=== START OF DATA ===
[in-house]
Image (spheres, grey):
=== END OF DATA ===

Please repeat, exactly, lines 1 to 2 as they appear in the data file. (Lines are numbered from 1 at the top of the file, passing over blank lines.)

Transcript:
[in-house]
Image (spheres, grey):